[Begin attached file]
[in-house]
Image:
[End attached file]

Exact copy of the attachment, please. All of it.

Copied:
[in-house]
Image: